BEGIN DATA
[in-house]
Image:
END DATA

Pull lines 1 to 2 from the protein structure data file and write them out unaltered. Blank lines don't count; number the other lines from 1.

[in-house]
Image: